South Korea’s LG Chem has announced that it will invest more than $3 billion to build a battery cathode factory in Tennessee as it continues to meet demands for U.S electric vehicle components.
The company has said that it is one of the first major EV-related investments announced by a South Korean firm in the United States since a new U.S law was passed in August that puts automakers and battery suppliers relying heavily on China for sourcing at a cost disadvantage.
The plant is said to have an annual production capacity of 120,000 tons of cathode materials by 2027 which would be enough to power about 1.2 million electric vehicles.
LG Chem has also said that it is pursuing cooperation with mining firms and recycling companies to better support its customers so that the requirements of the new Inflation reduction Act can be met.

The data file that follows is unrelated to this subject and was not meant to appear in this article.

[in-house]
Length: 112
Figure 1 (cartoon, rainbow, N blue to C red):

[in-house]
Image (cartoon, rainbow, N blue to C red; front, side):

The Inflation Reduction Act will, among other measures, require from next year that at least 40% of the monetary value of critical minerals for batteries be from the United States or an American free-trade partner in order to qualify for U.S tax credits, according to Reuters.
LG Chem’s new plant will make cathodes for batteries with nickel, cobalt, manganese and aluminum chemistry. The NCMA battery, which is about 90% nickel, allows manufacturers to reduce their reliance on expensive cobalt, and reduce their exposure to refining and processing in China.